European Shares Set To Open On Lackluster Note

European stocks look set to open on a flat note Thursday as investors fret over tight liquidity conditions in China and watch for progress in U.S. stimulus talks.

Asian markets are trading mostly lower as China’s short-term interest rates rose again, raising worries over signs of liquidity tension ahead of the upcoming Lunar New Year holiday.

Gold edged lower while the dollar hovered close to a two-month peak it hit on Wednesday as investors looked ahead to the passage of a U.S. stimulus package and the Bank of England’s interest rate decision.

Oil prices edged higher after the OPEC+ alliance of major producers stuck to a reduced output policy.

U.S. President Joe Biden and congressional Democrats are barreling ahead with plans to pass a $1.9tn economic relief plan without Republican support.

“We hope that our Republican colleagues will join us in offering amendments,” Senate Majority Leader Chuck Schumer said in a speech.

The Bank of England is not expected to change interest rates or quantitative easing at its meeting today, with much of the focus likely to be on the Bank’s findings of its review into the effectiveness of a negative interest rate policy.

U.S. Treasury Secretary Janet Yellen will meet with U.S. financial regulators today to discuss recent volatility in financial markets.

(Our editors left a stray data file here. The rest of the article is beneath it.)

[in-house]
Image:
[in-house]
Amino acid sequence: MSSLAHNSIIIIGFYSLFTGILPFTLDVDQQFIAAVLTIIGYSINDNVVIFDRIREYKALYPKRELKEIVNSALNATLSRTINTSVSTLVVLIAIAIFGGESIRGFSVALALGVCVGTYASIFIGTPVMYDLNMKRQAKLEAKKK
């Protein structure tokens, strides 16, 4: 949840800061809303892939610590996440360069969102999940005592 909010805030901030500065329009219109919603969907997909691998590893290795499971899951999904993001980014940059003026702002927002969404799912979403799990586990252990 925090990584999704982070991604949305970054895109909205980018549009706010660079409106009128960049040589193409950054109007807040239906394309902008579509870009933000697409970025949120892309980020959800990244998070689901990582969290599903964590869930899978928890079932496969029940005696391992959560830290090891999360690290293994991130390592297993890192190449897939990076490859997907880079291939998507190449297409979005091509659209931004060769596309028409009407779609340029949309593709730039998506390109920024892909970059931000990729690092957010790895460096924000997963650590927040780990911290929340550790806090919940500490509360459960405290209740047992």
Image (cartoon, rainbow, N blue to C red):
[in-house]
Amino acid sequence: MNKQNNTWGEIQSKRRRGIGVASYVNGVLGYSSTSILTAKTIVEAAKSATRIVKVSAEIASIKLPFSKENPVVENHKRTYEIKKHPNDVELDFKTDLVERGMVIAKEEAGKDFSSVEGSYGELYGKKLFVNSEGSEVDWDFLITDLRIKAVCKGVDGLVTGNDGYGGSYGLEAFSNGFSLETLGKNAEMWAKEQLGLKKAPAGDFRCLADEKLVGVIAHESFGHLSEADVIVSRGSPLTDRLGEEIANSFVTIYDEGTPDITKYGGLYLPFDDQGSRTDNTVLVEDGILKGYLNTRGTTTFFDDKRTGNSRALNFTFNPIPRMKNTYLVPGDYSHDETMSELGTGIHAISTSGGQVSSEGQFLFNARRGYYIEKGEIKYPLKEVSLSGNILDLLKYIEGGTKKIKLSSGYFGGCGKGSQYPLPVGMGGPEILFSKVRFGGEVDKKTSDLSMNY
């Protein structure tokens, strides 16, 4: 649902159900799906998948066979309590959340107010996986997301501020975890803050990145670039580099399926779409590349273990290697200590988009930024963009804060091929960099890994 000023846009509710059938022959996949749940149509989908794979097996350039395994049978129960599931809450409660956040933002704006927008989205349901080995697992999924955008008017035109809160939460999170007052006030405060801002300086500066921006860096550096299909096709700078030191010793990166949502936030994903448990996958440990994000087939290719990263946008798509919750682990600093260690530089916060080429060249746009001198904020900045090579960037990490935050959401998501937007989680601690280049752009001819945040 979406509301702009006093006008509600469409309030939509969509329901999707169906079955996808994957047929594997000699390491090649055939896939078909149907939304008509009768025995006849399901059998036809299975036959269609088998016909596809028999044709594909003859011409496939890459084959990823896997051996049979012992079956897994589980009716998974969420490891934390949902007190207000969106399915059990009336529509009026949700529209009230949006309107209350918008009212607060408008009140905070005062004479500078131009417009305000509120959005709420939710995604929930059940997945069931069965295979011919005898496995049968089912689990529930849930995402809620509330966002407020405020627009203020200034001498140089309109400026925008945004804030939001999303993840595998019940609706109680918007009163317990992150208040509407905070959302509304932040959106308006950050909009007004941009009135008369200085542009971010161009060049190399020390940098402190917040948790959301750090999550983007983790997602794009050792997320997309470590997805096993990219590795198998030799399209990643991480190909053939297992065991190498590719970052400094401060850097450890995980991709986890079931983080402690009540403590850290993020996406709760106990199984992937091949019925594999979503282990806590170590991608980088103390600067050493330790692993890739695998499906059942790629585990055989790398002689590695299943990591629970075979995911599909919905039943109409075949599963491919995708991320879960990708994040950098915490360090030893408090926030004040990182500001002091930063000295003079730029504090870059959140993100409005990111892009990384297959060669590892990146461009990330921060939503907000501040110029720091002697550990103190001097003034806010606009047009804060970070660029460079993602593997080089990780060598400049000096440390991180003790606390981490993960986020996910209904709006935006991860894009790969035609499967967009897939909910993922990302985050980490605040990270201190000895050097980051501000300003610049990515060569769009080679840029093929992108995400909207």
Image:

The U.S. employment report for January will hit the markets on Friday, with economists expecting a return to job gains after December’s loss of 123,000 jobs.

Overnight, U.S. stocks ended narrowly mixed as investors reacted to the latest earnings news and upbeat private sector employment and service sector activity data, which raised concerns lawmakers will feel less pressure to provide additional stimulus.

European stocks ended mostly higher on Wednesday as investors watched progress in vaccination programs and political developments in Italy.

The pan European Stoxx 600 gained 0.3 percent. The German DAX rose 0.7 percent, while France’s CAC 40 finished marginally lower and the U.K.’s FTSE 100 slipped 0.1 percent.

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